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Getting Over the Hump

On Wednesday morning in Mish, I wrote in my journal:
August the 6th, Wednesday--what we laughingly call "hump day" at work (the day you reach the "hump" or the middle of the week--and once over it, everything is running downhill towards a resting time!)

By the end of that day though, I was just so tired, it may have been "hump day" but it felt like I was stuck on the hump.

I had been up with the dawn after maybe 5 hours sleep, in order to have some precious solitude. We had a full day of our regular activities, then the community bbq and the dance.

It was about 10.30 when the dance ended. The dark parking lot was full of people leaving the community centre. Our weary team packed up our coolers; the food that was left; the pots; bbq and the cotton candy machine and set about getting the equipment and the 9 of us that had been at the dance, back to the school.

My little Honda Fit was more than a little worn with wear. It was covered in the sand that works its way into every crevice of every thing on Sandy Road, and I noticed that the back windshield wiper was hanging down, loose. The car looked like I felt.

A woman with two boys approached asking for a ride home. People on the reserve mostly walk everywhere as few people have cars. My car was packed with stuff to take back to the school, and Paul was in the passenger seat. I couldn't bring myself to refuse the request so I said I would come back to pick her up once I emptied the car. But when we came back to get her, she was nowhere to be seen.

I got out and moved to the passenger seat so that Paul could drive back. He drove carefully as the sides of the unlit road were dotted with wandering dogs and people walking home, alone or in groups.

Once we got back there was still the clean up of our coolers and other equipment so that it would be ready for the next day. At that moment, with my feelings not my finest, it was best to be quiet.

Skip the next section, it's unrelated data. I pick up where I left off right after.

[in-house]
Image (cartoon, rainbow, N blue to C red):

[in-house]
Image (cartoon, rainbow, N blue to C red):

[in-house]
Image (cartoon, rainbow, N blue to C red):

And really, I felt so lonely for Paul. The trip had been a heavy load for him; starting with the many details of coordination ahead of time; driving the 24 foot truck in the city of Toronto the day before we left, picking up donations, then going to the church and helping to pack it, with a team of volunteers. We drove in separate vehicles, and once we arrived we were both busy separately and I was just one of the rest of the team. 

At the beginning of the week in Mish I saw that our focus on the trip was not "us" but others; but I was missing him. 

Of course he would not have known that by my silence on the journey back to the school. And when we unloaded the stuff in the kitchen and we all worked at cleaning up, we interacted awkwardly.

It was after he left to go to the classroom he shared with the other men, that I picked up the small gift he had given me that afternoon when he came back from a trip to Pickle Lake. I had been busy in the kitchen and he had held it out, saying with a smile, "This is something to hang in your car."

Now Paul is the one who hangs things in his car; things dangling from my rear-view mirror distract me. I  hadn't really looked at it properly when he gave it to me, just said a quick thank you. 

But now I looked at it. And when I did...well, I clearly saw "us." I felt loved by it, no matter how unlovable I felt at that moment. 

And it helped me get over the hump of selfishness and self absorption. 


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